Tokyo has a great number of sightseeing spots as well as neighbourhoods that specialize in certain aspects unique to the Japanese culture. One such area is around Gotokuji Temple. Accessible from the aptly named Gotokuji Station on the Odakyu line, the neighbourhood has collectively decided to go with an interesting theme: the lucky cat, called maneki-neko in Japanese. Although not unique to Tokyo or to the Gotokuji area, the residents of this region have decidedly embraced this traditionally cute icon of Japanese life.
As soon as you exit the station, you are greeted by a stone cat, a foreshadowing of things to be expected as you walk around town. The main attraction here is Gotokuji Temple, which is about a slow 10-minute hike away from the station. You can see different shops along the cozy, narrow winding road that leads to the temple. Every so often, one of the many cats will surprise you, hidden away in a storefront case, between an umbrella and a hat, or even tucked next to a display plate of fried shrimp.
After a while, the spotting of these cats becomes an activity in itself, changing the walk to Gotokuji into a sort of egg hunt. With children, this makes it an especially fun and pleasing walk, instead of a boring transition period from the station to your destination.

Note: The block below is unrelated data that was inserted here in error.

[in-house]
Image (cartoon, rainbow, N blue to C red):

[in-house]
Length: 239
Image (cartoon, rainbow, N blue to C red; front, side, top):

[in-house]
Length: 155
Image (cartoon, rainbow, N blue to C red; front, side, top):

You will know you are getting close to the temple when the top of the pagoda peeks out from the trees. The surroundings are surprisingly quiet, adding to the serenity of the temple. The compound is full of beautifully kept trees, the slight smell of incense in the air an interesting contrast to the city’s usual odour.
Gotokuji itself is the treasure island of all the lucky cats, with a smorgasbord of maneki-neko of various sizes neatly placed around.
A word of caution, though: Gotokuji is a proper temple, which means that people come here to mourn for relatives that have passed, and thus there are Japanese graves further in the back. There might
even be a funeral service or some other religious event going on, so as a courtesy, both moderate silence and respect for the other patrons’ beliefs are strongly encouraged.
After basking in the temple’s calming atmosphere, the walk back to the station will present another opportunity to find more cats along the way, or to grab a coffee and a snack. If you so happen to be there around lunch time, there are plenty of accommodating restaurants in the region with lunch-time menus perfectly suitable for a relaxing and enjoyable wind down.
Gotokuji itself is not a day hike, but it is conveniently placed 15 minutes away from Shinjuku station and relatively close to Shimokitazawa station, so it is an easy and interesting stop on the way to or from somewhere else. Along the way, there are quaint sweets and ice cream shops that make it an ideal stop-over, whether to experience the soothing aura from Gotokuji Temple or to amuse yourself trying to spot as many maneki-neko as you can.
For more inforamtion → http://www.odakyu.jp/english/traffic/